About 80 percent of chlamydia cases across the state appear in women, according to the Department of State Health Services. About 75 percent of syphilis cases appear in men.
Gonorrhea incidence is about 50 percent male and 50 percent female, but more than half the total cases are in black the community.
Joe McIlhaney, a gynecologist and founder and chairman of the Austin-based Medical Institute for Sexual Health, said the likelihood someone has an STD generally isn’t related to demographics, gender or race.
"It is related to the number of sexual partners that one has," said McIlhaney, a Lubbock native who recently authored "Hooked: New Science on How Casual Sex is Affecting Our Children."
He said the younger a person begins having sexual intercourse, the more sexual partners they are likely to have and more at risk for contracting an STD.
"Parents have been disempowered, they think they don’t influence their kids behavior," McIlhaney said. "It’s really just telling parents, ‘Look. Just do what’s best for your children.’ "
Last year’s provisional data from the state shows Potter County still has some of the highest rates in the state.
"It doesn’t seem to be improving," Richardson said.
While they search for an answer, workers will continue their current programs which center on awareness, education and advocacy.
"I think behavior change is one of the most difficult things to accomplish for any health-care topic," Richardson said.
But much of the finger-wagging over hooking up neglects those very reasonable concerns. For example, abstinence advocates are fond of the saying: "There is no condom for the heart." But heartbreak isn’t always sexually transmitted. In the New York Times Magazine piece on chastity, prominent Harvard activist Janie Fredell lamented the hurt she’d seen women go through in their pursuit of relationships via hooking up — as though abstaining from sex would have saved them a broken heart. If only.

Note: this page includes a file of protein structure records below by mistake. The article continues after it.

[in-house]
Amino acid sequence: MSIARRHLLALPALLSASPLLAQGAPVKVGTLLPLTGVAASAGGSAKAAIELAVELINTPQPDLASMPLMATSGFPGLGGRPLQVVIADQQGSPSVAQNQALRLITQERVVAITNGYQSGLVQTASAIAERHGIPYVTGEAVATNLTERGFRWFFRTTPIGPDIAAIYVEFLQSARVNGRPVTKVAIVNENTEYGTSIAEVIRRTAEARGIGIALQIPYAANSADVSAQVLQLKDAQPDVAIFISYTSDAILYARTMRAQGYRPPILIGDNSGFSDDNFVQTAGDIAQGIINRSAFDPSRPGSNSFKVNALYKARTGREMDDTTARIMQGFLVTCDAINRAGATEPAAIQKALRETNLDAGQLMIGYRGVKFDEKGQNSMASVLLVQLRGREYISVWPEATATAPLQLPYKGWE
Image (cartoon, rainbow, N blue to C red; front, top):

I learned something from all of the men I dated. Sexually, I learned plenty about what turns me on. More important, by spending time in uncommitted relationships, what I wanted in a committed relationship became clearer — and it wasn’t amorous antagonism but a partnership that didn’t trigger self-protectiveness.
I also discovered that a lot of young men are scared shitless — of women, themselves and their future; that, contrary to our cultural imaginings, they are just as desperate to figure things out as young women. I found that a lot of the pains in the relationships of us 20-somethings can be blamed on cultural prescriptions for masculinity. Yes, there is the stud-slut double standard — but there’s also an expectation that men, unlike women, will not seek safe harbor in a relationship. No, they are supposed to bravely sail their ships beyond the singing sirens and silted waters of their quarter life until they miraculously hit land in the Real Adult World.
As Kathy Dobie wrote in reviewing Stepp’s "Unhooked": "We learn less about intimacy in our youthful sex lives than we do about humanity … Perhaps, this generation, by making sex less precious, less a commodity, will succeed in putting simple humanity back into sex." Indeed, and perhaps young women are putting feminist ideals of equality into sex by refusing shame and claiming the traditionally male side of the stud/slut double standard. Also, the idea that a woman has to test a man by withholding sex — as many abstinence advocates actually argue — relies on a paradigm of inequality in which women are forced to rely on such desperate power plays. It isn’t that feminism has taught women to have sex like men, as the argument commonly goes, but that withholding sex isn’t women’s sole superpower; coitus isn’t women’s kryptonite.